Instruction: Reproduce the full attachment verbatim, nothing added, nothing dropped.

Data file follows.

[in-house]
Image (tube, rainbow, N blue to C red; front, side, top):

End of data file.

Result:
[in-house]
Image (tube, rainbow, N blue to C red; front, side, top):